Environmental Values, Valuation Methods, and Natural Disaster Damage Assessment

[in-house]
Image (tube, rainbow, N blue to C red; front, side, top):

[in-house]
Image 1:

It is largely agreed that successful development depends on the rational use of natural capital (World Bank, 1998). In recent years, advances have been made to measuring progress toward 'sustainable development' (Kunte et al., 1998), and in applying valuation techniques to the analysis of the environmental impacts of investment projects and public policies, both in developed and developing countries (Barbier, 1998). Natural capital is not exclusively endangered by human actions (or inactions). Environmental (quantity or quality) changes may also be induced by natural hazards which, besides altering the natural capital's intrinsic 'productivity', may negatively affect people's 'ability to exploit' environmental attributes. In 1999, the UN Economic Commission for Latin America and the Caribbean (ECLAC) has published a Manual for Estimating the Socio-Economic Effects of Natural Disasters (ECLAC, 1991) which intends to be a tool aimed at professionals engaged in the valuation of natural disasters' socio-economic impacts. ECLAC has recently undertaken a revision process, aimed at expanding the scope of the Manual. One of the objectives of this interdisciplinary upgrading process is to incorporate 'environmental values' into disaster damage assessment. The aim of this paper is to contribute to this process, by (i) illustrating the concept of environmental values from an economic perspective, (ii) providing an overview of valuation methods aimed at quantifying these values in monetary terms, and (iii) making a preliminary attempt to identify a strategy for integrating environmental damages into natural disaster impact assessment.